EDGE Fellows visit London

Last week two EDGE Fellows, Werner Conradie and Saman Gamage visited London to speak at the Zoological Society of London’s Communicating Science event: “Life on the EDGE: Putting forgotten species on the map” which turned out to be the highlight of the week for both Fellows.

Werner Conradie is researching the Ghost frog population in South Africa. Ghost frogs are extremely good at hiding in small cracks and under rocks and although Werner has heard many males calling he has only seen four adults. The ability to ‘disappear into thin air’ like a ghost is Werner’s best explanation for how Ghost frogs got their name. The real origin of the name is believed to come from Skeleton Gorge on Table Mountain, where the Table Mountain Ghost Frog occurs. This was the burial grounds for local people in the past.

Saman leads field research into the species occupancy, range distribution, taxonomic variation, habitat use and preference of loris species in Sri Lanka with two major success of the project being the rediscovery of the Horton Plains slender loris with which there has been just four known encounters in the past 72 years and the draft conservation strategic plan for slender loris conservation in Sri Lanka.

To prepare for their presentations at the Communicating Science event Werner and Saman were given lots of advice from the EDGE team on presentation skills which were clearly taken on board as the talks were well received by the audience, and not just because of the ‘cute’ Slender Loris pictures that Saman used in his presentation!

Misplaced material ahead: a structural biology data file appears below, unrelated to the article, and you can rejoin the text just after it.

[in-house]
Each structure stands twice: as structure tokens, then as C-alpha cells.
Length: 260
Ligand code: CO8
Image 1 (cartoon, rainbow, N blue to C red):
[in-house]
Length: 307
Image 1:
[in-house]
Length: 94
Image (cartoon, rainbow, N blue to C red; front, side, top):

Along with a presentation given by Catherine Head, the EDGE Coral Reefs project co-ordinator, on the new Coral Reefs programme, both Werner and Saman spoke about their projects and answered (sometimes challenging!) questions from the audience.

While in London, Werner and Saman were based at London Zoo where along with tours around the zoo’s collection, each Fellow was introduced to other experts in their fields with whom they could talk about their projects and gain advice on how to further them. In addition to meeting researchers and conservationists at the zoo, Werner also visited the Natural History Museum to meet other frog researchers whilst Saman visited the Royal College of Surgeons to examine Slender Loris skulls.

The week was not all about work however! During their stay Werner and Saman visited the Natural History and British Museum and enjoyed a walk around Camden Markets. They even found time to have a few social drinks in the local pub! The EDGE team enjoyed the visit from the EDGE Fellows and we hope that Werner and Saman also enjoyed their stay and gained some useful advice during their busy week in London!

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  1. Michelle said,

    on January 25th, 2011 at 4:08 am

    God that loris is so cute… makes you want to cuddle with it! Doesn’t it?

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